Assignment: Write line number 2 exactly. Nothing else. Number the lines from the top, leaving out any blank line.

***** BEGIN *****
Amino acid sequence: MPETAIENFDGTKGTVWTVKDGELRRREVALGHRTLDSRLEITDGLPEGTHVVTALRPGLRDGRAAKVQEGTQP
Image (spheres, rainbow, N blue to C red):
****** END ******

Image (spheres, rainbow, N blue to C red):